Executioner Looks at Death Row
By Lee Hyo-won
There have been a good number of movies that deal with the agony of being on death row or feature capital punishment as the (un)just consequence of crime.
``The Executioner,'' which premiered at the 14th Pusan (Busan) International Film Festival (PIFF) earlier this month, however, delves into the actual process of the death penalty, which involves more than just a quick snap of the neck and a dead body (hanging is still the method used in South Korea).
In his feature directorial debut, Choi Jin-ho (``Reunion,'' which competed at the Clermont-Ferrand International Short Film Festival) invites viewers to step into the shoes of prison staff who must carry out the actual deed.
The film poses some big ethical questions but manages to be clear cut in eliciting specific emotional responses from the audience. Nevertheless, ``Executioner'' gets caught in a sort of muddled gray zone; it's too formulaically mainstream for arthouse cinema yet, albeit being replete with comic relief, too dark for lighthearted entertainment.
The talented cast including charismatic screen personality Cho Jae-hyun, however, retains an iron grip on the script, providing for a compelling psychological drama.
According to Amnesty International's standards, Korea is considered to have abolished capital punishment in practice, since executions have been on hold for over a decade since 1997.
The movie imagines what would happen if the death penalty is resumed, and unfortunately, the process involves more than just greasing up the rusty execution equipment.
``Executioner'' chooses a naive young protagonist to lead viewers into the world behind bars (the film is the first to be shot in a real Korean prison). Former pop singer Yoon Kye-sang, who proved his acting skills in ``Moonlight of Seoul,'' is Jae-gyeong, who, after failing the state exam, becomes a prison guard to earn some extra cash.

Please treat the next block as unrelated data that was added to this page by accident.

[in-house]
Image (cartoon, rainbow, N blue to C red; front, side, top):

But little did he know he was stepping into the heart of darkness.
Jae-gyeong's polite ways are of no avail to maintaining order behind bars, and the more experienced Jong-ho (Cho) takes him under his wing.
``There are only two barred places in the world; the zoo and prison,'' explains the stoic, ruthless Jong-ho, who insists on a Spartan treatment of the inmates and strips them of their ``humanity'' by calling them by their designated number rather than name.
In stark contrast to Jong-ho is veteran guard Kim (Park In-hwan), who plays chess with a chummy death row inmate. Though initially torn between the two ways, Jae-gyeong eventually endorses Jong-ho's view that ``beasts don't attack those who are stronger than they,'' and finds great use in his baton.
One day a sensationalized psychopathic serial murder case breaks out and the justice ministry decides to resume capital punishment. The prison guards are all reluctant to carry out the dirty work. Kim, the only guard with execution experience, disappears, unable to relive the horror of the job. And so Jong-ho volunteers while Jae-gyeong and others are chosen in an unlucky draw.
``Executioner'' is essentially a story of spiritual transformation. Through Jae-gyeong's loss of innocence, the film looks violence in the eye and shows how easily it becomes more than a tool of physical control but something that can forever alter the state of a person's mind.
For Jong-ho, execution ― the ultimate form of subjugating the prisoners (or ``trash'' as he calls them) that he loathes so deeply, with good reason ― becomes a form of salvation.
When D-day arrives, it is not just the prisoners that are doomed to die ― those who must secure the noose discover that something dies within their hearts. But the story does not turn uncomfortably noir, suggesting that the human spirit endures even if parts of it cannot be resurrected.
In theaters Nov. 5. 98 minutes. 18 and over. Distributed by Sponge ENT/Silverspoon.